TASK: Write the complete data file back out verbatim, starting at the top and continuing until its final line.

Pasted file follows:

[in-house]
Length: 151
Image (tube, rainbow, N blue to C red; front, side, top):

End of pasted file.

[in-house]
Length: 151
Image (tube, rainbow, N blue to C red; front, side, top):